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Should you have to clear your own sidewalk? Vancouver deals with unfamiliar problem

snow removal

snow removalThe City of Vancouver is putting another 265 employees to work on snow removal duties, as the municipality launches a new offensive against Old Man Winter and a persistent cold spell that has delayed city services and kept residents on edge for a number of weeks.

“It’s a big decision for us for us to shut down our construction crews,” said engineering general manager Jerry Dobrovolny to News 1130. “Typically we don’t go in and clear the neighbourhood residential streets because there’s so many more of them and typically the weather breaks. We were hoping even in the last week, we had temperatures above zero, the expectation was that would start to break up a lot of the ice… but it didn’t break up the ice this time.”

The cold is not expected to let up, either. Environment Canada says that more snow and precipitation expected over the next few days.

“As we head into the weekend, things get really messy,” says meteorologist Matt MacDonald, in conversation with the CBC. “We’re hovering right around that freezing mark and we’re probably going to go back and forth between rain and snow and even a chance of freezing rain.”

Vancouver officials say they’ve received over 1,800 requests for snow removal from city residents during recent weeks and they have allotted another 50 staff towards bylaw enforcement in efforts to keep residents on the job of clearing sidewalks of ice and snow. The City has been offering free buckets of salt to help deal with the icy conditions, but residents are still complaining about having to grapple with icy streets and sidewalks, with thousands of calls pouring into the City’s 311 service about the condition of some sidewalks and grumblings of criticism over the city’s handling of the winter onslaught.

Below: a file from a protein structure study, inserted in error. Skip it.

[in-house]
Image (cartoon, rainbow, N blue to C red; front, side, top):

“Most people are clearing their sidewalks, but there are some problem areas, in particular strata councils and businesses in commercial areas that have not cleared their sidewalks and that’s creating some problems,” said Dobrovolny to Global News.

Canada’s major cities are split over whose job it is to deal with snow and ice removal on city sidewalks. Along with Vancouver, places like Edmonton, Calgary, Saskatoon as well as those in the downtown core of Toronto require residents and businesses to take care of the sidewalks next to their properties, typically giving residents 24 or 48 hours to do the job. Others like Winnipeg, Montreal, Ottawa and Halifax get city staff to do the job.

The choice is in large part about allocation of resources. A city like Edmonton spends over $50 million a year on snow removal while Calgary’s recent budget is an even more modest $37 million. Ottawa, on the other hand, spends over $60 million a year on snow removal and Montreal a whopping $155 million.

Yet, the issue goes beyond money, says Barry Wellar, creator of a walkability index for Canadian cities and professor emeritus of geography at the University of Ottawa. “Sidewalks are a fundamental element of the urban transportation infrastructure,” said Wellar to MacLean’s magazine in 2011. “It is bizarre that any city would fail to provide the same level of service for sidewalks that it does for roads. This makes its pedestrians second-class citizens.”

Vancouver reportedly spent $2.5 million over the month of December, 2016, on snow and ice removal, well over its budgeted $750,000 for the year.

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About The Author /

Jayson is a writer, researcher and educator with a PhD in political philosophy from the University of Ottawa. His interests range from bioethics and innovations in the health sciences to governance, social justice and the history of ideas.
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